UMass Boston's Boren winners to study languages in South Korea, Georgia
UMass Boston has two Boren award recipients this year. Benjamin Thomsen, a 22-year-old international relations major from Mansfield who just completed his third semester at UMass Boston, has received a Boren Scholarship, and Kate Butterworth, a first-year student in the McCormack Graduate School’s Global Governance and Human Security PhD Program from upstate New York, has received a Boren Fellowship.
Initiatives of the National Security Education Program, Boren Scholarships are for undergraduate students; Boren Fellowships are for graduate students. Both fund the study of less commonly taught languages in world regions critical to U.S. interests and underrepresented in studies abroad in exchange for national security work for the federal government at the end of the program.
Starting at the end of this summer and continuing through June 2019, Thomsen is going to be studying in the Political Science Department at Korea University in Seoul, South Korea. At UMass Boston, Thomsen minors in Mandarin. At Korea University, in addition to taking classes in East Asian politics, he is going to be taking Korean language courses as well.
"I was told about it when I was looking to study abroad and it just sounded like a perfect fit with the service requirement where I have to work for the government for one year. I saw that as an opportunity to get my foot in the door, and the way that it focuses on language, I think was a good fit," Thomsen said.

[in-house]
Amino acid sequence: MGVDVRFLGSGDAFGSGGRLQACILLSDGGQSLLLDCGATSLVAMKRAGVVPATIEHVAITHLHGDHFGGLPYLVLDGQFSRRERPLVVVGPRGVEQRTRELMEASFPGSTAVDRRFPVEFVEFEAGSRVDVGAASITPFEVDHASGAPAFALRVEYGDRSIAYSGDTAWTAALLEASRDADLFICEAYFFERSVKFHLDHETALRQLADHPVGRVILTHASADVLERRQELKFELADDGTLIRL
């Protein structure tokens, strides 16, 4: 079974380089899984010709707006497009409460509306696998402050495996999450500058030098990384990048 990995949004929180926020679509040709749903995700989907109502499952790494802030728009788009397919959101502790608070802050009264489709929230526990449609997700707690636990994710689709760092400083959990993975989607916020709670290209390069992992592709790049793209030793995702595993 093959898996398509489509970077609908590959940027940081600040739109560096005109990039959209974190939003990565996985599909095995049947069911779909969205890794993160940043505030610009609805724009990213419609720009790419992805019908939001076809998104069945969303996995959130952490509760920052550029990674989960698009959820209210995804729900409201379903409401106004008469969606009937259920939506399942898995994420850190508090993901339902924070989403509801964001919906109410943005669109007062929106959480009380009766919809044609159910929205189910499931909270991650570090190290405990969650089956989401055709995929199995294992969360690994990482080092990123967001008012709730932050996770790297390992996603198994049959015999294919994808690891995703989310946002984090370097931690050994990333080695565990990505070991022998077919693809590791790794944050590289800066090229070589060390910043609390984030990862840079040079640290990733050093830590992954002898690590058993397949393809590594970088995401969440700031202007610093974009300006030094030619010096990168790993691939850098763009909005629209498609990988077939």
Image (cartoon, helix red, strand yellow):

Thomsen was also interested in going to South Korea because he lived there when he was in the U.S. Army. He hopes to enroll in UMass Boston’s accelerated master’s program, which would allow him to start taking graduate-level international relations courses in the McCormack Graduate School while still an undergraduate, meaning he could earn a master’s degree in international relations in a shorter amount of time. His other goals are to get a PhD and work for the State Department.
Kate Butterworth is also returning to a country in which she has previously visited. Through the Boren Fellowship, she will be studying the Georgian language for a year at the Language School in Georgia’s capital, Tbilisi, and interning at a nonprofit there.
"I applied for this fellowship due to my passion for Georgian culture and language, and a long-term career interest to work in policy development in Georgia and the South Caucasus--primarily in areas of conflict mediation and working to combat human trafficking," Butterworth said.
Applications for 2019 awards will be online in August. Contact Louise Penner, an associate professor of English and the director of the International and National Fellowships Office, to get started. Both Butterworth and Thomsen say Penner was extremely helpful in preparing their applications, with the essays and mock interviews.
"I don’t think I would have made it this far without her help," Thomsen said.